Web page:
Mandisa and Zikhona Mgquba are orphans who have spent the better part of their lives suffering.
Last year they reached the pinnacle of hardship when they had to share a pair of school shoes.
Zikhona, 17, said: "I had one pair of school shoes and my sister [Mandisa, 18,] did not have any.
"I felt pity for her and decided to share my shoes with her."
One of them would go to school while the other stayed at home.
This situation continued until a Good Samaritan bought them two pairs of brand new school shoes.
Born to a poor family in Ngqamakhwe, a rural town in the Eastern Cape, the sisters were little girls when their heavily-pregnant mother, Nobantu, died in 1993, barely four years after she gave birth to them.
They experienced yet another tragedy when they lost their father, Mzimhle, seven years later.
In 2005 their aunt Nontozakhe Somphethu took Zikhona, 17, to Mdantsane near East London to live with her.
A year later Somphethu persuaded Mandisa, 18, to stay with them too.
The girls are in grade 10 at Zinzani High School in NU5.
By escaping the brutal rural life of Transkei in search of better education opportunities in the township, the girls thought they would have a brighter future.
But that was not to be as they grappled with new challenges in an unfriendly environment.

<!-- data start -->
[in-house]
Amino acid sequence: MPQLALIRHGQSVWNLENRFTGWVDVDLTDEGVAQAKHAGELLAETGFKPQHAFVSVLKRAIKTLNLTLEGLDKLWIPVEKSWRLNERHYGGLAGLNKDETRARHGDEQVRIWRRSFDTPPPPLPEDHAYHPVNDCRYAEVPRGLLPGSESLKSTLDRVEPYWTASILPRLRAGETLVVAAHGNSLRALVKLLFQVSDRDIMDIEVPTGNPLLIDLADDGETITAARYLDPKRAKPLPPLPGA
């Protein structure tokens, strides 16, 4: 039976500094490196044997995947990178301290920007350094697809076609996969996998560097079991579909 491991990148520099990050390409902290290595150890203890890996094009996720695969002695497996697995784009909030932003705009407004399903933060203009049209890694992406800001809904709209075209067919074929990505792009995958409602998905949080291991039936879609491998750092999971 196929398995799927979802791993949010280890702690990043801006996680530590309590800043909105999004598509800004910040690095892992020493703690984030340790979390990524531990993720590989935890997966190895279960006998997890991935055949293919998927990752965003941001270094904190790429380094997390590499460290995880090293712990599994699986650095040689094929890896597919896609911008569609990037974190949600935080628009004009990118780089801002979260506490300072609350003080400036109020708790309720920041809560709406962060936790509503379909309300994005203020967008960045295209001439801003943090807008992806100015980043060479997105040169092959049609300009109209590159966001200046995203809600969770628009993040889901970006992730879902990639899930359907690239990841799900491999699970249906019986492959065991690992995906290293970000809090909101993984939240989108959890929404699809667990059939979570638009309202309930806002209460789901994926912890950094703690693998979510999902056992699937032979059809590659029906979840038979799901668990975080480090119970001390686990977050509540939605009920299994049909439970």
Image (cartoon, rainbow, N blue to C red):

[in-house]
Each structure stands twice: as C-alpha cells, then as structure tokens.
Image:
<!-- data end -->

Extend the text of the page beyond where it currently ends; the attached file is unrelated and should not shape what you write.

The Good Samaritan, Nontsikelelo Mgquba, (no relation), bought groceries and clothes for the girls.
Mgquba bought them a cellphone and she made sure the girls always had airtime to contact her.
"Since Sis' Ntsiki started to help us, our aunt's attitude towards us changed completely.
"She used to be furious when we received calls on the cellphone Sis' Ntsiki bought for us.
"She would tell us she was hungry and that the phone was not food," the teenagers said.
They alleged that Somphethu would cook in her bedroom and eat with the children.
"This is the same food that Sis' Ntsiki had bought for us," they said.
They said that in November Somphethu threw all their clothes out of her house and told them to go away.
Somphethu, who acknowledged chasing the girls away, said she welcomed them into her home when no one in their family wanted anything to do with them.
"No one wanted these children. I moved around looking for anyone who would donate a uniform for these girls.
"I went to several schools, but they did not want to take these children because of their poor school record," she said.
Somphethu said that the girls hated her because they believed her family had bewitched their parents.
After Somphethu threw the girls out of her house, Mgquba again came to their rescue.
Mgquba, who is renting a shack for the girls at Ramaphosa informal settlement at NU2, is appealing for government intervention.
She said that Mandisa and Zikhona are at serious risk because they stay alone in the shack and without any social security.
"These kids are vulnerable. I bought them a cellphone so that they can reach me in times of need," she said.